By Norris Chambers

             I was so young when I learned what salt was that I donít even remember learning. It is as if I were born with the knowledge. The same is just about true concerning sulfur. When I was very young we lived less than a mile west of the railroad tracts going to Galveston and I distinctly remember seeing the railroad cars stacked high with the big chunks of yellow stuff. I was informed that it was sulfur and it was on its way to be shipped somewhere where it was needed.

            Later when I went to school I learned to spell the name of the yellow stuff sulphur, but now the proper spelling is sulfur. I guess that isnít too bad since it shortens the word and makes writing it a little quicker and easier.

            The powdered sulfur was used for dusting vegetable crops to keep insects away. It was also sprinkled in chicken nests to keep the hens free of mites, fleas and other undesirable parasites. At an early age I learned that sulfur was a valuable tool for the farmer. The yellow stuff is a primary ingredient of gun powder. Sulfur and lard was also a sure cure for the seven year itch when applied continually for nine days!

            Cows require salt. Salt was available in either bulk granules or hard blocks about a foot in diameter. The blocks were not eaten, but were licked by the cow until she thought she had enough. The block slowly grew smaller, but not uniformly. The surface was covered with holes of various depths where the tongues had scoured away the salt. There were also salt blocks that contained sulfur. These blocks were a pretty yellow in color instead of the plain white of the pure salt ones. I suppose the sulfur was to help keep flies, ticks and other blood suckers away from the livestock.

            Clifton and I learned early in our hunting days that sulfur would burn and that the fumes were very irritating to the nose and lungs. As a matter of fact, we were told that the gas was very dangerous and could even be fatal. We did know that a small amount could be placed in a hollow log or a hollow tree and lighted and that the wild beast inside would make a hasty exit. Hopefully we were able to capture the vacating animal and add the pelt to out fur inventory.

A small bottle of sulfur was a necessary item on any hunting trip.

            When working in the oil field I learned that engines, compressors and other heavy machines that were mounted on concrete slabs were often held in place by bolts that were secured in the concrete with a mixture of salt and sulfur. When we mounted something we took about equal amounts of sulfur and salt and melted them together. They both melt at a reasonably low temperature and mix together to form a metallic colored substance that looks like melted lead. The melted mixture cools and forms a very hard compound. I had always assumed that lead was the best thing to use when setting a bolt in concrete but the old timers said the salt and sulfur was much better. It worked well.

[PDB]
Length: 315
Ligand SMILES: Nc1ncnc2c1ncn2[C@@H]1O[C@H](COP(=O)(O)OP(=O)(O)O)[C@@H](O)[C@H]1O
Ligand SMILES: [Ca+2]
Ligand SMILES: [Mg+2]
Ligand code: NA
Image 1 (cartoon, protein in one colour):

Someone else knew about the mixture and its solder-like texture because it was advertised and sold as a simple solder for leaky pots and pans. To use the wonder solder all that was required was to heat the pan and rub the solder stick over the hole. The hole was closed with a metallic appearing solder and worked well as long as the utensil was used with a liquid inside. Of course it would melt away if a pan were heated without a cooling liquid. These solder sticks worked well when used as directed.

            All of this talk about sulfur is leading up to the true tale I am about to tell concerning Clifton ís introduction to sulfur solder. We had a few sticks of the hole mender solder in the shop and we happened to have the blow torch on and the soldering iron thoroughly heated when he decided to see if he could do some good work using it as regular solder. The impressive project he chose was to solder two six-penny nails together. This is a simple task with regular solder, but Clifton being anxious to test the utility of the new solder had to test it.

            He carefully sanded the ends of the nails and placed them end to end on the anvil. Taking the soldering iron in his right hand and the stick of solder in his left, he touched the iron and the solder at the junction of the nails. He jumped back suddenly, coughing and strangling and using a few unprintable words. When the hot iron touched the solder smoke and fumes flashed in his face. Not many things smell worse than sulfur fumes!

            Although it was quite funny, I didnít dare laugh. There was a difference of opinion about whether it was fun or not. I do not advise anyone to try it for fun Ė just stick to the instructions and donít use a hot soldering iron when you use sulfur solder.